Many of you by now have been made aware of the list of keywords that could put some Chinese users at risk of being monitored by government officials if they are typed into TOM-Skype, a version of Skype used in China with over 96 million users that enables eavesdropping onto otherwise private conversations. The list contains thousands of keywords, some of which are seemingly harmless, but may be used for code phrases.
University of New Mexico computer-science graduate Jeffrey Knockel had stumbled across the keywords, which was first revealed via Bloomberg Businessweek, when Knockel found a way to bypass encryption used by TOM-Skype and uncovered that secret list.
If a user types one of the offending phrases into the Skype text chat, it triggers an alert and then proceeds to send a copy of the message, the user who sent it, and when, to a centralized computer server. The user is then flagged and monitored.
Knockel updates the keyword list daily, and some of the words — such as “Amnesty International” and “Tiananmen” — are political, but also contain additional adult-oriented terms and some of those aforementioned “out there” terms such as “ancient horse recipe” and “throwing eggs.”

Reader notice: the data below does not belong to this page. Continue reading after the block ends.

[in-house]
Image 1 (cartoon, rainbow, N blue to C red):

It’s things like this that have caused Skype to undergo scrutiny by privacy experts, and recently prompted an open letter that called on the company to release a “regularly updated Transparency Report” and, among other things, publish information about TOM-Skype and its spying and content-blocking capabilities.
While Skype has continued to claim that it’s committed to promoting “effective public policies that help protect people’s online safety and privacy,” the keyword monitoring of TOM-Skype has called those statements into question. Maintaining personal privacy in a VoIP-connected world is incredibly important, and these practices seem to contradict those privacy policies put in place to protect the user. Which means it’s ultimately the end user who suffers from the lack of transparency.